With little more than six months until the start of the Olympics, and the early June kick-off for UEFA's Euro 2012 football tournament fast approaching, it is easy to forget the plethora of other sporting events clamouring for consumers' attention.
The sponsors of Wimbledon and Queen's, Test cricket and golf's Open Championship are all looking at how they can achieve cut-through for their brands in a busy period for sport tie-ups. After all, these 'crown jewels' events - which must be broadcast on free-to-air TV in the UK, with the exception of cricket - will be somewhat in the shadow of the 'greatest show on earth'.
Mark Joy, marketing director at sports agency Fast Track, says that while the overall appetite for sport in general will be heightened this summer, brands involved in other events must plan carefully. 'I think that sponsors of other sporting events are going to have to redouble their efforts, or they will be pouring money down a hole,' he warns.
Despite this challenge, the opportunities are clearly there for those brands seeking to align themselves with sporting events outside London 2012 and international football, adds Henry Chappell, chief executive of sport marketing agency Pitch.
'It might be harder for non-Olympic sponsors to get cut-through, but, that said, newspapers are upping their pagination (this summer) and the sporting pie is growing,' he explains. 'I don't expect to see a drop in the level of attendance at the other big sporting events.'
Marketing spoke to three major sports sponsors to find out how their brands plan to stand out in 2012's crammed calendar.
TENNIS - IAN MURRAY, Head of sponsorship, Aegon (lead partner of the Lawn Tennis Association and headline sponsor of Queen's)
'The important thing for us is to be clever about turning up the volume on different elements of our sponsorship throughout 2012, whether it be emphasising our Aegon Schools or Aegon Parks grass-roots tennis initiatives, or the lead-in to the major tennis events we sponsor in June.
'We are not putting in extra marketing spend for the summer, but are working hard with our agency, Fast Track, on how best to spend our sponsorship activation budget in this Olympic year in a smart way. I'm sure there will a lot of big brands with an Olympic association, and in some cases without one, making a lot of noise as July approaches.
'For us, it is not about trying to meet that head-on. We see the Olympics as a very exciting backdrop to our activities this year. The fact that we have made a long-term commitment to back tennis, which also happens to be an Olympic sport, puts us in a good position as the population becomes sports-mad over summer.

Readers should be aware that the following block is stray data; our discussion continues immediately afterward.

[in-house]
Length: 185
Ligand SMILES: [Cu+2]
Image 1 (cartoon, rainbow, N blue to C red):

I don't expect interest in tennis to drop off; interest is increasing, partly because of the success of Andy Murray and some of the exciting younger players coming through the LTA's development programmes, which we also support.
'I think that the Olympics will only help to fuel interest this summer. Wouldn't it be wonderful if we had a Team GB medal-winner in tennis?'
GOLF - GILES MORGAN, Head of sponsorship, HSBC (sponsor of The Open Championship and Wimbledon)
The Olympics will be a 'fantastic celebration' of the UK, but sporting tournaments such as The Open and Wimbledon will still be hugely important, believes Morgan.
He warns that 'there will be a lot of clutter around the Olympics', with sponsors trying to outdo each other. HSBC, however, will not be 'frightened by the Olympics'; Morgan insists that the bank will refrain from tinkering with its marketing activities because of the Games and Euro 2012. 'I urge other sponsors to activate their marketing and not be frightened of the Olympics, as there is a point of difference.'
However, corporate hospitality elsewhere is expected to be hit by the event, warns Morgan.
'This is one area where we may see the market fluctuate, as lot of corporations have set aside their corporate spend for the Olympic Games,' he adds.
CRICKET - MARK JONES, Marketing director, Brit Insurance (principal sponsor of English cricket)
'It's essential to have a strong sponsorship relationship, to start with, that doesn't require strong activation due to the existing brand awareness. We don't believe there is any conflict between cricket and the Games.
'For instance, cricket has a big following in its own right, and the indication for the summer is that ticket sales will not take a hit. The national newspapers will continue to carry non-Olympic sports stories.
'The defining factor of whether sponsors get cut-through is how strong the British representative is in each sport - and, simply, how prominent the sponsors' branding is.'